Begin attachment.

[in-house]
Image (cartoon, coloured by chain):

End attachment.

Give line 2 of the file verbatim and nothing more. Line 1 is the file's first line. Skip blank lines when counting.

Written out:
Image (cartoon, coloured by chain):